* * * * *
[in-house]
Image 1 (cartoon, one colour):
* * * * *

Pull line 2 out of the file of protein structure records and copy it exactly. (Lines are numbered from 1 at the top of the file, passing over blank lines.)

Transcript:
Image 1 (cartoon, one colour):